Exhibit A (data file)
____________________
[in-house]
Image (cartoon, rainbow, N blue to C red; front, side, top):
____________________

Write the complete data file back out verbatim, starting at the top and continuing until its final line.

[in-house]
Image (cartoon, rainbow, N blue to C red; front, side, top):